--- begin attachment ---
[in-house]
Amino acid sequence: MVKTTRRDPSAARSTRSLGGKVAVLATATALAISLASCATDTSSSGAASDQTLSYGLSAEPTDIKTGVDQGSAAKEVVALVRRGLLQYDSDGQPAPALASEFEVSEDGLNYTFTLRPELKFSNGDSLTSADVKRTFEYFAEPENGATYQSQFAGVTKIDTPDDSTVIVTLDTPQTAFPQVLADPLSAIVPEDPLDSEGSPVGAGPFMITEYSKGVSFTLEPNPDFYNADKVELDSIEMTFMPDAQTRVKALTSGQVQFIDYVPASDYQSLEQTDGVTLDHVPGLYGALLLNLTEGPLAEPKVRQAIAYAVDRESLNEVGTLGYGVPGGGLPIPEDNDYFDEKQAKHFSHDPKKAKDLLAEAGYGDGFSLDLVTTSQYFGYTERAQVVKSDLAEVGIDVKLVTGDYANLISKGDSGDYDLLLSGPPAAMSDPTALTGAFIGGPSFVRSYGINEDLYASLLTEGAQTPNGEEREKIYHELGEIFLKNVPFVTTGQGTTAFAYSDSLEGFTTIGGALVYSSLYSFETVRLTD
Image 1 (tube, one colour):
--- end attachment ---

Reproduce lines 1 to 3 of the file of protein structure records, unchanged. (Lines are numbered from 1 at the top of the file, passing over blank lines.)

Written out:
[in-house]
Amino acid sequence: MVKTTRRDPSAARSTRSLGGKVAVLATATALAISLASCATDTSSSGAASDQTLSYGLSAEPTDIKTGVDQGSAAKEVVALVRRGLLQYDSDGQPAPALASEFEVSEDGLNYTFTLRPELKFSNGDSLTSADVKRTFEYFAEPENGATYQSQFAGVTKIDTPDDSTVIVTLDTPQTAFPQVLADPLSAIVPEDPLDSEGSPVGAGPFMITEYSKGVSFTLEPNPDFYNADKVELDSIEMTFMPDAQTRVKALTSGQVQFIDYVPASDYQSLEQTDGVTLDHVPGLYGALLLNLTEGPLAEPKVRQAIAYAVDRESLNEVGTLGYGVPGGGLPIPEDNDYFDEKQAKHFSHDPKKAKDLLAEAGYGDGFSLDLVTTSQYFGYTERAQVVKSDLAEVGIDVKLVTGDYANLISKGDSGDYDLLLSGPPAAMSDPTALTGAFIGGPSFVRSYGINEDLYASLLTEGAQTPNGEEREKIYHELGEIFLKNVPFVTTGQGTTAFAYSDSLEGFTTIGGALVYSSLYSFETVRLTD
Image 1 (tube, one colour):